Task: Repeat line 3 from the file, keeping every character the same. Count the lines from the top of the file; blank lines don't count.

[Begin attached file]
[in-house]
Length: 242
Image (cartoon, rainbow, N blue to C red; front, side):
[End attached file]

Image (cartoon, rainbow, N blue to C red; front, side):